Lawrence Ferlinghetti "Constantly Risking Absurdity"
A Coney Island of the Minds: Poems
This collection includes "Constantly Risking Absurdity."
Lawrence Ferlinghetti was born March 24, 1919, in Yonkers, New York. His name became associated with the Beat poets because he was the owner of the establishment called City Lights, the bookstore and publishing house that printed the first edition of Allen Ginsberg's Howl and Other Poems and the works of other poets who became the core of the Beat movement.
Ferlinghetti was put on trial for obscenity when Ginsberg's Howl was sold to undercover police at City Lights bookstore. The injustice of this situation was remedied by Ferlinghetti's being acquitted, but the guilty party ironically went on to perpetuate his obscenity into a thriving career as a poet.
"Constantly Risking Absurdity"
Ferlinghetti's work is quite distinct from the Beats. A perceptive critic has remarked, "I hope I won't seem politically incorrect for saying this, but after immersing myself in the writings of the guilt-obsessed asexual Jack Kerouac, the ridiculously horny Allen Ginsberg and the just plain sordid William S. Burroughs ... it's nice to read a few poems by a guy who can get excited about a little penny candy store under the El or a pretty woman letting a stocking drop to the floor."
The philosophy of writing dramatized in Ferlinghetti's "Constantly Risking Absurdity" demonstrates this man's genuineness that is sorely lacking in a Ginsberg or most other Beats. This poem splashes across the page in a manner that imitates its subject.
The speaker is metaphorically comparing the antics of a tight-rope walker and a poet: the tight-rope walker risks "absurdity / and death / whenever he performs / above the heads / of his audience" and so does the poet, who "climbs on rime / to a high wire of his own making."
Approach to truth
The poem zigzags back and forth down the page mimicking the tight-rope walker who constantly shifts his feet and appears to rock back and forth, as he balances on the wire. The poet like the rope-walker "must perforce perceive / taut truth."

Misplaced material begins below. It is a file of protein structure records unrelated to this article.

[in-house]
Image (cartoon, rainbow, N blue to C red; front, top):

The poet is attempting to approach "toward that still higher perch / where Beauty stands and waits / with gravity." Of course, the tight-rope walker has to make his own approach to the truth of gravity as he attempts to reach the other side of the rope extension.
The poet is like a "little charleychaplin man / who may or may not catch / her fair eternal form / spreadeagled in the empty air / of existence." The "empty air of existence" could spell death to the rope-walker who loses his balance, as the poet could lose all credibility with his audience if he loses his sense of propriety with his listeners and readers.
Vis-a-vis the Beats and numerous postmodern poetasters, the ilk of Robert Bly, Marvin Bell, Barbara Guest, et al, the irony of this poem is thick. Such scoundrels do not even attempt to walk the rope but merely pretend the floor is suspended above the heads of their gullible audience.
Reading of Ferlinghettig's "Constantly Risking Absurdity"
© 2016 Linda Sue Grimes
More by this Author
Poe's "The Sleeper" takes as its subject a beautiful woman in death, the subject that Poe claimed in his essay, "The Philosophy of Composition," to be the most poetic.
Sterling A. Brown's "Southern Cop" dramatically portrays a bundle of anger, authority, rage, and racism. The importance of the speaker weighs more heavily than the actual characters in the poem.
Gray's elegy offers a beautiful scene of the country landscape, as the speaker muses upon the life and death of rustic, simple folk in the pastoral setting.
No comments yet.